How to Get Your Grill Ready for Summer

Brush off the winter dust, and give your grill a thorough cleaning before the first cookout of the season.

Grilling season is officially getting started. That means that now is the time to be sure your grill is in ideal shape to serve you well all summer long. So while you are in spring cleaning mode, give your grill a good going-over to spiffy it up after its winter storage. Here is the best way to get your grill in shape for the cooking to come this summer.

1. Get the right tools for the job.

To properly clean your grill, you will need some gear. A wire brush and some scrubby sponges will help with the crusty bits. A dishwashing soap with de-greasing properties, like Dawn, will work on the icky stuff, and for stubborn areas that are really caked on, a paste of baking soda and white vinegar will help.

A small bowl of warm soapy water and a larger bucket of clean water nearby will also be needed. Some rubber gloves would not be amiss, especially if you have sensitive skin. And if your grill has a stainless-steel exterior, a spray-on stainless cleaner will help polish it up.

2. Check any connections.

If your grill is gas or propane, or has an electric or battery-operated starter, check all the hoses, connections, and other technical components to be sure they are all undamaged. If you have a propane unit, check the tank to see how full it is, and change out any batteries for fresh.

3. Start with fire.

The intense heat of fire in your grill helps to burn off debris; hopefully you already know this from keeping it clean between uses. Light your grill, or fill with charcoal, close the lid and let it heat as hot as you can for at least 30 minutes.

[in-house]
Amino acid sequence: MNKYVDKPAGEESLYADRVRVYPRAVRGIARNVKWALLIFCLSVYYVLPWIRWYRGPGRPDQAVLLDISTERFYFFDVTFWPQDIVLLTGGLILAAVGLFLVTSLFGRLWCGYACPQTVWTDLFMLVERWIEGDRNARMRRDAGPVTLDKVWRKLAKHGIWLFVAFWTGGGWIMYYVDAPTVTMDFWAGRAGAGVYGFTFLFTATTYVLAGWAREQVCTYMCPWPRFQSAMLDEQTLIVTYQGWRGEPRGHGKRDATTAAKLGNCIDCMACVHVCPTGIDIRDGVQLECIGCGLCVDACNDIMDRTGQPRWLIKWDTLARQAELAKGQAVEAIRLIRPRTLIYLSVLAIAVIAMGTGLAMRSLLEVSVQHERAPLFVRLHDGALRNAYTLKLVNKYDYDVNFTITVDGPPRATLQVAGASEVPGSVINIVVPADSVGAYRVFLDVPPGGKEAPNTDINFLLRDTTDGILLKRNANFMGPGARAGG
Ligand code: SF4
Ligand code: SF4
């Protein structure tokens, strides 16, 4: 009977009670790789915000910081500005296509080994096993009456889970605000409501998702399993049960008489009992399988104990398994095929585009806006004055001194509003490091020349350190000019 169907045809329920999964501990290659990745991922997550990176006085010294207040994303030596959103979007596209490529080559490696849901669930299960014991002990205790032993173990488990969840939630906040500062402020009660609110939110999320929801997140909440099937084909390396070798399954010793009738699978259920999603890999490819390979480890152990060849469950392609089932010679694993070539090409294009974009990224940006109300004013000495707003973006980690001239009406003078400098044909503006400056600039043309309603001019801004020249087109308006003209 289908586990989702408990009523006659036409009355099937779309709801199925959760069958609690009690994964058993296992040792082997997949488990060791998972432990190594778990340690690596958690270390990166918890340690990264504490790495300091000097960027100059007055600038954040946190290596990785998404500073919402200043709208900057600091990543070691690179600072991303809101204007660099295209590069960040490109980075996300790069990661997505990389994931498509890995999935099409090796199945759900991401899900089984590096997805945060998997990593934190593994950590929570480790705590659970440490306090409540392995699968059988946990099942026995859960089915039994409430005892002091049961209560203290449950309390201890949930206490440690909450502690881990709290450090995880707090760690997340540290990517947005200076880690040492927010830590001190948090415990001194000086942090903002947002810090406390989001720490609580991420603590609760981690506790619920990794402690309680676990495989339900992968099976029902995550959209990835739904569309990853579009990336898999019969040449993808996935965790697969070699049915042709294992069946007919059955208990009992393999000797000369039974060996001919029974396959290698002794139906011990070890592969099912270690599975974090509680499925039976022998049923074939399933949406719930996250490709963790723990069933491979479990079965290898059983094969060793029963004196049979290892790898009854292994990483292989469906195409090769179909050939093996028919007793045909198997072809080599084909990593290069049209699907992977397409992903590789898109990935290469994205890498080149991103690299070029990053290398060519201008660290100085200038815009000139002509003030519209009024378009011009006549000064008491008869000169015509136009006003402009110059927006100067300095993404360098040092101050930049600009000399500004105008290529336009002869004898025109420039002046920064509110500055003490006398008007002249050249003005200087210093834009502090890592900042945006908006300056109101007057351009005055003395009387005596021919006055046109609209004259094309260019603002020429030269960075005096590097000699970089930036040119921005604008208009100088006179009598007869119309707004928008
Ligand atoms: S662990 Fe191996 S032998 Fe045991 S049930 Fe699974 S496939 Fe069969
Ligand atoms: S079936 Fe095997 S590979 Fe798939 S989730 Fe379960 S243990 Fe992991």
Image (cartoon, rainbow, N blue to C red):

Use your grill brush to first scrape any major gunk or ash from the grates. Then, dip your grill brush's wires into the bowl of warm soapy water and hit the grates again, finishing with the brush dipped in clean water. Repeat in sections until every part of the grill grate is clean.

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Leave the grill open, and let cool completely. Once fully cooled, disconnect the gas or propane lines, or empty the charcoal out. If there is any chance the coals might not be fully extinguished, be sure you are putting them into a metal bucket or dump them into a bucket of water. Any leftover debris can be scraped with a putty knife or brushed off.

4. Then a bath.

Any removable pieces like grill grates, grease traps, warming grates, flavor bars, knobs, or other accessories should be removed and soaked in a bucket of warm soapy water for at least 30 minutes. While they are soaking, use a handheld vacuum to remove any loose debris from the firebox. Rinse the grill with a hose or wipe down with wet cloths.

The removable pieces can now get a good scrubbing. Once clean, set to the side to dry completely. Give the exterior of the grill a really good clean as well, using your scrubby sponges, and the baking soda paste if you have seriously carbonized areas.

If it is a stainless-steel grill, give the outside a polish with your stainless cleaner. Once the interior pieces are dry, reassemble your grill, reconnecting any gas or propane lines.

5. Fire it up again.

Light your grill or set up another small batch of charcoal, and let heat for 15 minutes. Then give one last brush of the grates with your wire brush and use a paper towel soaked in a neutral high-smoke-point oil (like safflower or peanut oil) to brush the grates while they are hot. Let the grill cool completely, and you are ready for cooking.

Lather, Rinse, Repeat

For optimal performance, as well as maintaining the best condition of your grill, you should perform this cleaning a minimum of every six months. For those of us who live in an area where weather limits us to six to eight months of use, consider doing a deep clean about halfway through your grilling season.

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